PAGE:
DOI: 10.3390/su151612356 ISSN:

Research on the Rheological Properties and Anti-Aging Mechanism of Paper-Black-Liquor-Modified Bitumen

Xiao Tao, Kai Yang, Meng Cai, Jianwei Luo, Xiaolong Li, Shujuan Wu, Cheng Cheng
  • Management, Monitoring, Policy and Law
  • Renewable Energy, Sustainability and the Environment
  • Geography, Planning and Development
  • Building and Construction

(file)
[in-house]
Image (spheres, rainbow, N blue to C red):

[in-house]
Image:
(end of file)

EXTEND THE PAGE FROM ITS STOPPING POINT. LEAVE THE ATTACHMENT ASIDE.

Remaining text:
The production process of the traditional paper making process produces a large amount of waste water, known as paper black liquor. It is needed to explore new ways of reusing this waste and replacing part of the base bitumen to reduce the consumption of non-renewable resources, such as petroleum, thus obtaining better environmental, economic, and social benefits. This paper analyses the feasibility of using paper black liquor, which contains a large amount of lignin, as a modifier for bitumen in the paper industry. Samples of modified bitumen were prepared with 15%, 30%, and 45% of the base bitumen replaced by paper black liquor, and a control group of base bitumen was prepared for testing. The samples were subjected to an 85 min short-term ageing test, FTIR scanning test, thermogravimetric test, frequency scanning test, MSCR test, and LAS test. The analysis of the FTIR and thermogravimetric tests showed that the paper black liquor was mainly composed of lignin and some cellulose, and contained a small amount of salts with Na ions; based on the results of the frequency scan, the compatibility analysis of the vGP curve showed that the modified bitumen was more compatible in the high-temperature range after short-term ageing, thus inferring that the water content of the concentrate had an influence on the compatibility, making it necessary to further investigate different optimum water contents to achieve the best performance and benefit. The incorporation of paper black liquor improved the rutting resistance and fatigue resistance of the modified bitumen, and also gave the paper-black-liquor-modified bitumen a better ageing resistance than the base bitumen. While demonstrating the feasibility of using paper black liquor as an bitumen modifier, this study also helps to provide a basis for theoretical applications of biomass materials in the field of road engineering.

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